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Danger Electrical Hazard

Electrical Dangers in the Home

Electrical Items Near Sources of Water

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WHILE EXTREME CARE HAS BEEN IMPLEMENTED IN THE PREPARATION OF THIS SELF-HELP DOCUMENT, THE AUTHOR AND/OR PROVIDERS OF THIS DOCUMENT ASSUMES NO RESPONSIBILITY FOR ERRORS OR OMISSIONS, NOR IS ANY LIABILITY ASSUMED FROM THE USE OF THE INFORMATION, CONTAINED IN THIS DOCUMENT, BY THE AUTHOR and / OR PROVIDER.

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Water and electricity never mix well, water is conductive and extreme caution should be exercised whenever electrical items are located near sources of water.

GFI Outlet

All bathroom countertop outlets, any ceiling fans / lights above shower / tub areas must be GFI (ground fault interrupter) protected.  This is a electrical code requirement for bathrooms.

These outlets are the ones that have a test and reset button on the outlet, although there is also special GFI main panel breakers that can GFI protect a specific circuit.

Be sure to read the article called 'GFI Outlets'

Some builders also try to save costs by using one GFI outlet that also is continued on to another non GFI outlet (perhaps even in another bathroom), in such an arrangement if wired correctly both outlets are GFI protected. 

My personal preference is if the outlets are in different rooms - then have separate GFI outlets. Now remember GFI circuits are still limited to the circuit max. and the breaker will pop off if you exceed that, also if two bathrooms are served by the same circuit and you have a busy household with hair dryers / curling irons in use in both bathrooms you are likely to end up exceeding the circuit limit and tripping off the circuit breaker at the panel.  I rather dislike for that reason having different bathrooms being served by the same circuit and would much prefer have dedicated separate circuits for general purpose lighting / outlets for each bathroom.

When you buy a home however the builder will likely want to go with the cheapest method of meeting min code standards unless you specifically negotiated changes with the building to the way you want things before you sign off to buy the home. Changes prior to committing to the purchase of a new home is likely far better as they want your business, once you sign however there is time limits where changes can be made and they may want more $ for those changes. Bear in mind however all requests for changes must still meet or exceed min code requirements.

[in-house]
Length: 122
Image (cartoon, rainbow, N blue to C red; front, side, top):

With a resale home you basically buy or not buy as it sits, any changes will have to be after closing the deal at your own expense and arrangement.

Now advances in technology and electrical safety requirements laid out in electrical codes are an attempt to save your butt / life in the event that just do something stupid or just do not know better. NEVER EVER purposely tempt fake, never believe that you can get away from stupidity and technology will be there to save the day if something goes wrong.

a) Outlets in the bathroom CAN NOT be reachable from inside the bathtub.

b) Vacuum cleaners should not be in the bathroom when the facilities are being used.

c) Hair dryers, curling irons and so on should always be unplugged when not in use, drain the sink when using these so no standing water is there when using electrical items. Do not let the electrical cord dip into the sink. Do not bring these items over to the shower / tub area regardless if another person is using the shower or tub area or there is standing water in them.

d) In the unfortunate event that you drop a curling iron or hair dryer into a sink full of water (remember I told you to not use these with standing water in the sink), avoid trying to grab an item when you know it will contact the sink (remember your hands are wet and your hair is wet, highly conductive), and jump away from it, and hope the GFI does its job and immediately shuts down the power to the outlet, make certain the power did shut down (if there is any doubt go to the basement and turn off the breaker, or scream for someone to assist), unplug the power cord from the outlet before draining the sink and removing the item from water. I would recommend replacing any electrical item that was submerged into water, but if are determined to keep it then let the water drain out of it find a warm place to hang it to dry (not in the bathroom to avoid the temptation of using it before it has dried out) and do not use it again for at least a week, perhaps even two weeks until it has completely dried out, during that time shake it around and change the resting angle several times.

e) do not use electrical devices such as radios / TV's near the bathtub, too much of a temptation to reach out of the bathtub to change the volume / station, shock hazard - could be fatal - again never test fake that technology (such as the GFI) to save your life from stupidity. Water can also spray outside the bathtub / shower area, when you leave the bathtub / shower you are wet from head to toe. TV's should never be in a bathroom to begin with and if you absolutely feel you need to listen to a radio keep it in sink area not reachable from the shower / tub area, or better yet use a battery operated one left at the sink area.

Outside the home outlets must also be GFI protected as well as a weather protection cover over the outlets, as they are subjected to rain / snow / ice /wind / heat and cold.

Written: Dec. 31, 2011
Revised: June 23, 2013
Proof Read / Released: July 10, 2013
By: Donald Kerr

 

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